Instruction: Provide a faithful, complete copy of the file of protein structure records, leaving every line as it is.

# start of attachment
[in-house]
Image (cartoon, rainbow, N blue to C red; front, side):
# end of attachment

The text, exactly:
[in-house]
Image (cartoon, rainbow, N blue to C red; front, side):